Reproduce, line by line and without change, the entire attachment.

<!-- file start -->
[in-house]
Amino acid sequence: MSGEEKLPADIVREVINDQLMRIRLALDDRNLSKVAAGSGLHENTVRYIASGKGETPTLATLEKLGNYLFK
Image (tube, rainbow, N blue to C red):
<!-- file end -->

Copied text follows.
[in-house]
Amino acid sequence: MSGEEKLPADIVREVINDQLMRIRLALDDRNLSKVAAGSGLHENTVRYIASGKGETPTLATLEKLGNYLFK
Image (tube, rainbow, N blue to C red):